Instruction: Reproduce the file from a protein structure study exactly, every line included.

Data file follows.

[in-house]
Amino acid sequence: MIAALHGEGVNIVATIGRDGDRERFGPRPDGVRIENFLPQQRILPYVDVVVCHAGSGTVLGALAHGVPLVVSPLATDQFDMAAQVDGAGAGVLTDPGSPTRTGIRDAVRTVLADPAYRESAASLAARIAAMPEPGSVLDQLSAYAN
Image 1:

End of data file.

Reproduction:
[in-house]
Amino acid sequence: MIAALHGEGVNIVATIGRDGDRERFGPRPDGVRIENFLPQQRILPYVDVVVCHAGSGTVLGALAHGVPLVVSPLATDQFDMAAQVDGAGAGVLTDPGSPTRTGIRDAVRTVLADPAYRESAASLAARIAAMPEPGSVLDQLSAYAN
Image 1: